TKIP is better than WEP, but that is the only statement that can be made with certainty. WEP's basis in a stream cipher will always leave lingering doubts about the security of anything built using a similar set of operations. To address the concerns of the 802.11 user community, the IEEE working group began developing a security protocol based on the Advanced Encryption Standard (AES) block cipher. AES is a flexible
What Is WPA?
Wi-Fi Protected Access (WPA) is a marketing standard put together by the Wi-Fi Alliance. The Wi-Fi Alliance leaves the details of hammering out standards to other bodies like the IEEE. As a trade association, however, they react to ensure that the perception of the industry remains positive.
When the first cracks appeared in the foundation of WEP, the IEEE launched a working group to develop improved security standards. Building secure cryptographic protocols is difficult work, however, and 802.11i has been delayed repeatedly past its expected due date. 802.11i specifies two new security protocols: TKIP and CCMP. TKIP was designed to be backwards compatible with existing hardware at the time it was developed, whereas CCMP was designed essentially from the ground up. As a result, TKIP was finished well before CCMP was ready.
To address security concerns in the market, the Wi-Fi Alliance worked to speed up deployment of TKIP by coming up with an interim marketing standard called WPA. WPA version 1 is based on the third draft of 802.11i (from mid-2003); WPA version 2 is the final standardized version of 802.11i from mid-2004.
WPA includes both authentication through 802.1X and encryption. It comes in two flavors: WPA Personal, which is equivalent to pre-shared key authentication in 802.11i, and WPA Enterprise, which uses the authenticated key mode that derives keys from TLS entropy.
cipher that can operate at many key lengths and block sizes; to prevent user confusion, 802.11i mandates the use of AES with both 128-bit keys and 128-bit blocks.
There has been some concern over the key size used with 802.11i. AES can operate with a variety of key lengths. The U.S. National Security Agency has approved AES for use with "secret" data with 128-bit and longer keys, but more sensitive "top secret" data requires the use of 192-or 256-bit keys.[*] Some observers have therefore concluded that 128-bit keys do not offer adequate security. Regardless of the merits in the debate over key size, 128-bit AES is much better suited to 802.11 frame encryption RC4 at any key length.
[*] See the Committee on National Security Systems (CNSS) Policy No. 15, Fact Sheet No. 1, "National Policy on the Use of the Advanced Encryption Standard (AES) to Protection National Security Systems and National Security Information" at http://www.nstissc.gov/Assets/pdf/fact%20sheet.pdf.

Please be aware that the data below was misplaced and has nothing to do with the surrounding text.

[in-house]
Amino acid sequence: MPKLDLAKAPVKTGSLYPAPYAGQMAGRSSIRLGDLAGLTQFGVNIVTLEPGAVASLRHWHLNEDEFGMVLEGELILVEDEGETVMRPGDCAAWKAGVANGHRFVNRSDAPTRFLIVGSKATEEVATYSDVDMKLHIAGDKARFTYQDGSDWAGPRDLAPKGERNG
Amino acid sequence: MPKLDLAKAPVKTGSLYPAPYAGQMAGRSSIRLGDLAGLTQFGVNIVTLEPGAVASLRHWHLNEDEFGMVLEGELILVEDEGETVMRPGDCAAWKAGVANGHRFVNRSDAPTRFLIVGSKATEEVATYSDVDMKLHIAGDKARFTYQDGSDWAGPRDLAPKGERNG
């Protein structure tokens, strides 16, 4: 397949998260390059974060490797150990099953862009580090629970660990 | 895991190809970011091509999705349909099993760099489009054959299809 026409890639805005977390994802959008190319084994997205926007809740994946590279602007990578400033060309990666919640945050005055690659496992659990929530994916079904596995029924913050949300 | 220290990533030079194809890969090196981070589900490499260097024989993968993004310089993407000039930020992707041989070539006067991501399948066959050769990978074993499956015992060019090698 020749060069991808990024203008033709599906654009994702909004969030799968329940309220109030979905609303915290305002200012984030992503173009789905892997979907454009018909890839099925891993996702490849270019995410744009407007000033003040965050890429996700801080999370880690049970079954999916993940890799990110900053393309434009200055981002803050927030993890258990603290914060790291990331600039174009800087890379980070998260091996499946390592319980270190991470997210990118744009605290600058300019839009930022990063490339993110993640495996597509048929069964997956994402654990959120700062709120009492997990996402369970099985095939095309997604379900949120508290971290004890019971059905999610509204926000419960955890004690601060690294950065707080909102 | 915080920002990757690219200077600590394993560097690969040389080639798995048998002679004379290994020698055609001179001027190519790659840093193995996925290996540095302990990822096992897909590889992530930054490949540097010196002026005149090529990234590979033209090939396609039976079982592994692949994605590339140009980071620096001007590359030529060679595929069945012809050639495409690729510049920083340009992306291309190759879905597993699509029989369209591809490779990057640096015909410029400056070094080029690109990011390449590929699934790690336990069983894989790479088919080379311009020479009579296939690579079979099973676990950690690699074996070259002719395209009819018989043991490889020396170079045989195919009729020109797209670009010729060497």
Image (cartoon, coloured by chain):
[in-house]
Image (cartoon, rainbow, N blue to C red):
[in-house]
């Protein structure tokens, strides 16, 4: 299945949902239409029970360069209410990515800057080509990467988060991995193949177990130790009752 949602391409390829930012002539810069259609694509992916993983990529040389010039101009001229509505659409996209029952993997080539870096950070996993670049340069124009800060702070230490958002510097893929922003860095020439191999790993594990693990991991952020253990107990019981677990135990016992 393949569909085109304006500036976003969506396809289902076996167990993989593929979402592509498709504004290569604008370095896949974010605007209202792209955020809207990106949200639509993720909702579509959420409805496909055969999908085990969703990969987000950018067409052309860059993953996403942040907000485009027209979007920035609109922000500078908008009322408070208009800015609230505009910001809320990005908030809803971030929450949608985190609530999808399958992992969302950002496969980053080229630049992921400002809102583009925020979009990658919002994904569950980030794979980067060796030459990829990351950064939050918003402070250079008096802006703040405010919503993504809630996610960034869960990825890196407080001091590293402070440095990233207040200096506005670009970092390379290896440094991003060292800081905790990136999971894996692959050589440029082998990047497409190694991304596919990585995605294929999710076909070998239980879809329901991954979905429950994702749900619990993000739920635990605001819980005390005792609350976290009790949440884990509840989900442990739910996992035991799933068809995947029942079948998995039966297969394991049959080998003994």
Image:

The link-layer security protocol based on AES is called the Counter Mode with CBC-MAC Protocol (CCMP). The name comes from the underlying use of the block cipher, in the Counter Mode with CBC-MAC (CCM) mode, which is specified in RFC 3610. CCM is a "combined mode of operation, in which the same key is used in encryption for confidentiality as well as creating a cryptographically secure integrity check value.
[images/ent/U2020.GIF border=0>] One of the delays in finishing 802.11i was that the AES algorithm was initially based on a different mode of operation, AES-OCB. Intellectual property concerns required that it be dropped from the final specification in favor of CCMP.
In September 2003, the National Institute of Standards and Technology (NIST) began a study of CCM. In May 2004, NIST gave its approval to CCM, which will allow 802.11i to serve as the basis for secure wireless LANs in demanding applications.
CCMP Data Processing
Like other link-layer encryption methods, CCMP provides support for encryption and integrity protection as part of the same process, as shown in Figure 7-6.
Figure 7-6. CCMP frame processingencryption
As input, CCMP takes the following items:
CCMP data transmission
When a frame is generated and sent to TKIP for transmission, this procedure occurs:
The encapsulation of a CCMP-protected frame is quite straightforward, and is shown in Figure 7-7. Following the MAC header, a CCMP header holds the packet number and key ID. The higher-layer protocol frame and its MIC are encrypted before the FCS.
Figure 7-7. CCMP encapsulation
When CCMP receives a frame, the encryption and transmission process must be reversed. With no backwards compatibility baggage requiring the use of the WEP engine, the CCMP decryption process is a straightforward reversal of Figure 7-6:
Introduction to Wireless Networking
Overview of 802.11 Networks
11 MAC Fundamentals
11 Framing in Detail
Wired Equivalent Privacy (WEP)
User Authentication with 802.1X
11i: Robust Security Networks, TKIP, and CCMP
Contention-Free Service with the PCF
Physical Layer Overview
The Frequency-Hopping (FH) PHY
The Direct Sequence PHYs: DSSS and HR/DSSS (802.11b)
11a and 802.11j: 5-GHz OFDM PHY
11g: The Extended-Rate PHY (ERP)
A Peek Ahead at 802.11n: MIMO-OFDM
Using 802.11 on Windows
11 on the Macintosh
Using 802.11 on Linux
Using 802.11 Access Points
Logical Wireless Network Architecture
Site Planning and Project Management
11 Network Analysis
11 Performance Tuning
Conclusions and Predictions